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proletarii  

Andrew Lintott

Online publication date:
Mar 2016
Proletarii, as opposed to assidui, were the citizens of Rome too poor to contribute anything to the state except their children (proles). They seem to have been equated with the capite censi as ... More

provocatio  

Eastland Stuart Staveley and Andrew Lintott

Online publication date:
Mar 2016
Subject:
Roman Law
Provocatio was an appeal made to the Roman people against the action of a magistrate (see magistracy, roman), whether the latter was employing summary coercion (*coercitio) on the appellant or ... More

punishment, Greek and Roman practice  

Andrew Lintott

Online publication date:
Mar 2016
According to *Cicero (Ad Brut. 23. 3), it was a dictum of *Solon's that a community was held together by rewards and penalties, and the ascription seems plausible, in so far as Archaic Greek ... More

quaestiones  

Ernst Badian and Andrew Lintott

Online publication date:
Mar 2016
Subject:
Roman Law
Quaestiones, Roman tribunals of inquiry into crimes, later standing courts. In the first three centuries of the Roman republic alleged crimes against the state, if too serious for summary action by a ... More

quaestor  

Ernst Badian and Tony Honoré

Online publication date:
Mar 2016
Quaestores parricidii (see parricidium) are said to have been appointed by the kings. Under the republic there were two, who prosecuted some capital cases before the people. They fade from our record ... More

quasi delict  

Maria Floriana Cursi

Online publication date:
Nov 2016
Subject:
Roman Law
The expression quasi delict cannot be found in Roman legal sources. It has been created on the basis of a title of the JustinianInstitutes (I. 4.5), dealing with “the obligations which ... More

recuperatores  

Barry Nicholas

Online publication date:
Mar 2016
Subject:
Roman Law
Recuperatores were jurymen (usually three or five) who acted in the second stage of Roman civil proceedings in place of the single iudex. They may have been first established by ... More

relegation  

Barry Nicholas

Online publication date:
Mar 2016
Subject:
Roman Law
The relationship between this and deportatio, within the generic category of exile (exsilium; see exile, Roman), is not altogether clear, but relegatio covers milder forms of exile. It might be ... More

repetundae  

Ernst Badian and Andrew Lintott

Online publication date:
Mar 2016
Repetundae (pecuniae), (money) to be recovered. The quaestio de repetundis (see quaestiones) was a court established to secure compensation for the illegal acquisition of money or property by Romans ... More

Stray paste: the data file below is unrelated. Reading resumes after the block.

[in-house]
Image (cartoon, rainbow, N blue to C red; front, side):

restitution  

R. Zimmermann

Online publication date:
Mar 2016
Subject:
Roman Law
‘It is by nature fair that nobody should enrich himself at the expense of another’: this is, in the words of Sex. *Pomponius (Dig. 12. 6. 14; cf. also Dig. 50. 17. 206), the general proposition ... More

Sabiniani and Proculiani  

Tessa Leesen

Online publication date:
Mar 2016
Subject:
Roman Law
The Sabiniani (also known as Cassiani) and Proculiani are two law schools which existed in Rome in the 1st century ce and beginning of the 2nd century. Nearly all the prominent jurists of that time ... More

sacramentum (legal)  

Barry Nicholas

Online publication date:
Dec 2015
Subject:
Roman Law
Sacramentum signified in the oldest Roman civil proceeding (legis actio sacramento) the sum of money deposited as a stake by both litigants in the stage before the magistrate (in iure). The opposite ... More

Saepta Iulia  

Donald Emrys Strong and Janet DeLaine

Online publication date:
Mar 2016
The voting enclosure for the *comitia tributa, between the Pantheon and the temple of Isis in the *Campus Martius; it was planned and possibly begun by C. *Iulius Caesar (2) ... More

salarium  

Fergus Graham Burtholme Millar and Graham Burton

Online publication date:
Mar 2016
Salarium is a term used in the imperial period to denote regular payments to officials. *Augustus instituted the making of regular payments to senatorial and equestrian officials in the provinces ... More

sale, Roman  

R. Zimmermann

Online publication date:
Mar 2016
Subject:
Roman Law
Sale was by far the most important of the Roman consensual *contracts. The parties merely had to agree on the object to be sold and on a price. The handing over of an arrha (earnest) was not required ... More

security  

R. Zimmermann

Online publication date:
Mar 2016
Subject:
Roman Law
Security in Roman law was given to the creditor in the form either of rights over the property of the debtor (real security, mortgage) or of a surety (personal security). By the earliest real ... More

sella curulis  

Piero Treves and Tim Cornell

Online publication date:
Mar 2016
Sella curulis ('curule chair') was an ivory folding seat, without back or arms, used by the higher Roman magistrates (hence the title ‘curule’ magistrates; see magistracy, ... More

Sempronius Gracchus (1), Tiberius, Roman consul, 214 and 213 BCE  

Ernst Badian

Online publication date:
Mar 2016
Tiberius Sempronius Gracchus (1), son of a consul of 238 bce, as curule aedile (216) was made magister equitum after *Cannae and at once consul (215). With an army including slaves he relieved *Cumae ... More

Sempronius Gracchus (2), Tiberius, Roman censor, 169 BCE  

Ernst Badian

Online publication date:
Mar 2016
Tiberius Sempronius Gracchus (2), nephew of Tiberius Sempronius Gracchus (1), served under L. *Cornelius Scipio Asiagenes in 190 bce, and as tribune 187 or 184 supported Scipio in his trial. (The ... More

Sempronius Gracchus, Tiberius (3), Roman tribune, 133 BCE  

Ernst Badian

Online publication date:
Jul 2015
Tiberius Sempronius Gracchus, son of (2) and of *Cornelia, served at Carthage under his cousin P. *Cornelius Scipio Aemilianus, who married his sister. As quaestor in Spain (137 bce), he used his ... More

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